CLEVELAND–Researchers at the Case Western Reserve University School of Medicine, with colleagues from the John P. Hussman Institute for Human Genomics at the University of Miami, Taub Institute for Research on Alzheimer’s Disease and the Aging Brain, at Columbia University, and Wake Forest University School of Medicine will study the genomics of Alzheimer’s disease (AD) in people with African heritage throughout the United States.
Funding of nearly $3 million from the National Institute on Aging (NIA) in the National Institutes of Health (NIH) will include enhanced support for outreach and recruitment in Greater Cleveland, building on existing work to engage African American participants for the study.
“Alzheimer’s disease is a complex condition with genetic as well as environmental and behavioral risk factors that can be informed by socio-economic realities,” said Jonathan Haines, chair of the Department of Population and Quantitative Health Sciences at the School of Medicine and director of the Cleveland Institute for Computational Biology. “The promise of precision medicine is based in foundational research like this that seeks to deepen our understanding of genetics and the intersection of all these factors.”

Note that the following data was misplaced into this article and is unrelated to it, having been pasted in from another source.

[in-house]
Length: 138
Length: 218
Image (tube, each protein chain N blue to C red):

Haines, internationally recognized as a leader in the genetics and genomics of AD, is leading the Case Western Reserve research team. He is joined by Associate Professor William Bush and Professor Scott Williams, both in the Department of Population and Quantitative Health Sciences.
As Haines and his colleagues note, most genetic research for AD has focused on non-Hispanic whites of European ancestry. This lack of diversity is problematic, he said, given that African Americans have a higher prevalence of AD than non-Hispanic whites.
Recent studies from this collaborative team have resulted in novel and nuanced findings about genetic variation linked to risk for AD as well as protection from AD among people with African ancestry. Their research has also uncovered associations between variants implicated in AD and cardiovascular conditions. These studies have involved compiling some of the largest sample sizes ever analyzed from African American and Afro-Caribbean communities, according to Haines.
“Over the years, our teams have included diverse populations with varying African ancestry to improve disease prediction, diagnosis and treatment,” Haines said. “Our work lays the foundation for precision medicine so all benefit.”
Grant number: 1R56AG072547-01
Contact: Paula Darte: firstname.lastname@example.org or 216.870.6323
About Case Western Reserve University
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